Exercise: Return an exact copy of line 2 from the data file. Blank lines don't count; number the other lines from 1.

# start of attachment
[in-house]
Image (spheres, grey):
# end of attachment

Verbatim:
Image (spheres, grey):